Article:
The daily minimum temperature obtained from meteorological offices in each region was used to estimate bedroom temperature, which was then used in a model to predict the appropriate insulation for the lower critical temperature or the temperature below which the metabolic rate of an infant would be likely to increase.10 As a comparison between deaths occurring during the day and at night was of particular interest, an allowance based on half the difference between the maximum and minimum temperature was made for the daytime deaths. Both cases and controls were divided into three groups: those whose bedding and clothing provided 2 tog too little insulation; those whose bedding and clothing was within 2 tog of the lower critical value; and those who had more than 2 tog extra.

A score representing illness based on the Baby Check System11,12 was obtained from data collected during the interview. As the cut off points were similar to those described in the original score, the infants were classified as having either mild or no symptoms, or requiring advice from or to be seen by a medical practitioner. Questions were asked about the frequency of sweating. The parents were also asked whether their baby was awake more, the same, or less than usual in the past two days. A similar question was asked about how easy it was for the baby to settle.

Logistic regression was used to compute the adjusted odds ratios for the multiplicative interactions between night/day and the other variables. The interactions were considered statistically significant if the change of deviance brought about by including a term for them in the logistic regression model was more than the critical value of the χ2 distribution using the appropriate degrees of freedom. The models were adjusted for variables that have been used in other reports from this study. These include: (a) sociodemographic factors: occupation, marital status, school leaving age, and mother’s age at birth of infant; (b) pregnancy factors: antenatal education class attended, months pregnancy when mother started attending antenatal clinic, number of previous pregnancies, and mother’s age at first pregnancy; (c) infant factors: sex of baby, ethnicity, birth weight, and gestation; and (d) postnatal factors: region, season, baby’s age, sleeping position, maternal smoking, breast feeding, and infant sharing bed with another person. Each effect was examined individually in the context of the multivariate model.

Ethical approval for this study was obtained from local ethics committees.


This report is based on 369 cases (of whom 238 (64.5%) died at night), and 1558 controls (822 (52.8%) of whose parents were interviewed about a night time sleep). The difference between the cases and controls was significant (χ2 = 16.60, df = 1, p = 0.001). Figure 1 shows the distribution for the time of death and the time of the nominated sleep for the controls. Figure 2 shows the distribution of the age of death for those dying at night and during the day. The median age for those dying at night was 12.9 weeks, and for those dying during the day 12.1 weeks. The difference between the medians was 0.8 (95% CI −1.1 to 2.9).

Figure 1

Distribution of the time of death for the cases and the equivalent nominated time for controls.

Figure 2

Distribution of the age of death for the cases.

Too little thermal insulation for the lower critical temperature was associated with an increased risk of SIDS at night (OR = 1.73; 95% CI 0.81 to 3.69) and during the day (OR = 2.46; 95% CI 1.02 to 5.89). The OR for too much thermal insulation was 1.26 (0.85 to 1.87) at night and 1.04 (0.64 to 1.69). The interaction effect was not significant (change in deviance = 1.12, df = 1, p = 0.57).

Table 1 shows the odds ratios and 95% confidence intervals for the four modifiable risk factors. The odds ratio for prone sleep position was 3.86 (2.67 to 5.59) at night and 7.25 (4.52 to 11.63) during the day. In this case the interaction effect was significant (change in deviance = 4.59, df = 1, p = 0.03). The difference between the odds ratios for breast feeding in the past two days for deaths occurring at night or in the daytime was not significant. The odds ratios for maternal smoking and bed sharing show that they were associated with an increased risk of SIDS at night. Because there was a significant interaction for prone sleep position and bed sharing, the sleeping arrangements for the last sleep were also examined (see table 1). Sleeping in a carry cot or a cocoon, and a variety of other arrangements, which included car seats and a separate mattress, were associated with an increased risk of SIDS during the night. The results for sleeping in the parents’ bed were consistent with those for bed sharing.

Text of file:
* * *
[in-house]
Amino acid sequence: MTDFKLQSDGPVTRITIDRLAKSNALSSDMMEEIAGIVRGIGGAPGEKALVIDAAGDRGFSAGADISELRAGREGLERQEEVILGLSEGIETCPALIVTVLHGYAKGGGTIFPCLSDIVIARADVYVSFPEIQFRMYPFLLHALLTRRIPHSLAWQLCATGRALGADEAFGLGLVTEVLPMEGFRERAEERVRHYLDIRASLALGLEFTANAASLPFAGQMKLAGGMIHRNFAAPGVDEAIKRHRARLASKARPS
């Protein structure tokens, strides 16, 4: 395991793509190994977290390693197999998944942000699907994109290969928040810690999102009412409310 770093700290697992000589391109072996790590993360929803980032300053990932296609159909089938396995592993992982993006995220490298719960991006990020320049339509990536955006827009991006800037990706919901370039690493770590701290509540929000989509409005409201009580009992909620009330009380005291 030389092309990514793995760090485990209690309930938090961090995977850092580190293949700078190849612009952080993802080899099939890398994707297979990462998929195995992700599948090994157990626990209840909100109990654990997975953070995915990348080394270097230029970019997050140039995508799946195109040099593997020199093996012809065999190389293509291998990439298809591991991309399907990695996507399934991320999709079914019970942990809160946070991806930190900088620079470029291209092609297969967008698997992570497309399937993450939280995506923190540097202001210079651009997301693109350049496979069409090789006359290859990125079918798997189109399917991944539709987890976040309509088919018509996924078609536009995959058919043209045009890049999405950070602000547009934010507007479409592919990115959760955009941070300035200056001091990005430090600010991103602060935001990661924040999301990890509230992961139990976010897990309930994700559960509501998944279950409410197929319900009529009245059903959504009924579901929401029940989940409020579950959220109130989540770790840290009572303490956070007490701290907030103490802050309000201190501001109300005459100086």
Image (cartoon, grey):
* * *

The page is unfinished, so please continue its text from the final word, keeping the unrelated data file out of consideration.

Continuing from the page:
Table 1

Odds ratios and 95% confidence intervals for four modifiable, sleeping arrangements and ethnicity risk factors for SIDS for night and daytime periods

Table 1 also shows the results for whether or not the mother was married, and ethnic group. Deaths were more likely to occur at night if the mother was not married, OR = 2.48 (1.62 to 3.78) compared with 1.25 (0.76 to 2.04) for the day. Being Maori was a risk factor for death at night, and being of Pacific Island origin was protective during the day. The results for attending antenatal clinics are also shown in the table; infants of mothers who did not receive antenatal care until they were at least 4 months pregnant were more likely to die at night, though the interaction was of borderline significance.

Table 2 shows the results for alcohol use, binge drinking, and cannabis use. Although the interaction effect for binge drinking was not quite statistically significant (p = 0.052), the risks associated with binge drinking and cannabis use were higher for babies dying at night.

Table 2

Odds ratios and 95% confidence intervals for alcohol and cannabis use for night and daytime periods

Table 3 presents odds ratios for a trend across the three categories for illness and sweating. In each case the interaction effect was significant, increase in risk being higher for the night time period. Table 3 also shows the results for questions about how awake or how difficult the baby was to settle in the past two days. The interaction effects were significant, with the risk being higher at night if the baby was either more or less wakeful than usual, or more or less difficult to settle than usual.